Eckhart is very quotable. I can find where he says, "When I preach, I try to speak
of letting go and that human beings should become unwed from themselves and from
all things. Second I try to say that they should be conceived again in that simple
good which is God. Third, I stress that people should reflect on that great
nobility which God has put in their souls so that they might come to God in a
wonderful manner. Fourth, I talk of the purity of the divine nature -- that
brightness of the divine nature which is ineffable. God is a word, but an
unexpressed Word."

In this quote I can hear 'retrogression' being used in the sense that isn't
negative. Are most of Eckhart's writings sermons? If so, I see them being positive
and joyous. Apparently he used humor, Eckhart, and was joyous by nature: "In the
same enjoyment in which God enjoys himself, he enjoys all things."

I can't see him giving a sermon and saying that loving and knowing God is negative,
a step toward a worse condition. Having said all that, I'd be surprised if I'm
right! Just forcing the coin to land on the side it never lands on.

Hey, Ron, type out more from where that quote came from. Thanks!



"When...the soul is aware that it is looking at God, loving him,
and knowing him, that is already a retrogression."

The following quote I found by Eckhart supports the use of retrogression as a
negative. But the last sentence could mean that retrogression is a return to
emptiness, the desert, to wisdom, to the Godhead, since he talks about soul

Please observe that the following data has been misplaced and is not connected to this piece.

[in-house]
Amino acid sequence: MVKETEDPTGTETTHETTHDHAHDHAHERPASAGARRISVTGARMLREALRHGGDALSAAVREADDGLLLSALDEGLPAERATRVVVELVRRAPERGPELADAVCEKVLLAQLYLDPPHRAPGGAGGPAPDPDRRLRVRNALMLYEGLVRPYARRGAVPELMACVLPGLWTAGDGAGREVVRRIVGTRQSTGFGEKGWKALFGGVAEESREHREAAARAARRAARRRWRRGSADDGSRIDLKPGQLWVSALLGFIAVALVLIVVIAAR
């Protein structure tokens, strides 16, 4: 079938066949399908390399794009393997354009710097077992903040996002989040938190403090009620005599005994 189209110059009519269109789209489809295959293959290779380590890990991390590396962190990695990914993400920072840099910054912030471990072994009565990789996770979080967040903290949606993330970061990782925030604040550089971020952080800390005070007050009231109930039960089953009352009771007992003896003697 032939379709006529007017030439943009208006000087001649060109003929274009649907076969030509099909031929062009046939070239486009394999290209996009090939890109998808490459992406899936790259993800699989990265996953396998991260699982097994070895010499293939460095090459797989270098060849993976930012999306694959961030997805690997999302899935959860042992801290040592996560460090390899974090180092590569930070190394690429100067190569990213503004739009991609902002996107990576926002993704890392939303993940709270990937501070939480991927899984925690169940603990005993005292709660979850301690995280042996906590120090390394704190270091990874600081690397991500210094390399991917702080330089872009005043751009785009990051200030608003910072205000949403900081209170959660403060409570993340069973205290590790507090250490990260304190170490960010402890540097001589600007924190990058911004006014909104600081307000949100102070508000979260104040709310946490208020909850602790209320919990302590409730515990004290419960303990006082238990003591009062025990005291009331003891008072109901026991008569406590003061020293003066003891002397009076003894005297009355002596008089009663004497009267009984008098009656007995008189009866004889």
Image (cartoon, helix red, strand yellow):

being aware. It's not possible to know whether the quote above is a movement
toward or away from the desert, which I guess is why it found its way into a
Zen calendar.

In any case, Eckhart is fun to read and some of his stuff is very nondual.
The first time I ran across him was that famous quote (from memory): "The eye
through which man sees God is the eye through which God sees man." If a
person reads that at the right time in their life, it can be powerful.


" Thus, I say, a royal person derives and creates his or her whole being,
life, and happiness only from God, through God, and in God -- not from
realizing God, seeing God, loving God, or similar actions. Therefore, our
Lord says in noteworthy words that eternal life is knowing God alone as the
one, true God. He does not say that it is realizing that we know God. How can
people who do not know themselves know themselves as knowing God? For surely
people have no knowledge at all of themselves or of other things -- not to
speak of God alone -- if they are happy in the root and depth of happiness.